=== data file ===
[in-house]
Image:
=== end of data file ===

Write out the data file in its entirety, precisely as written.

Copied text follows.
[in-house]
Image: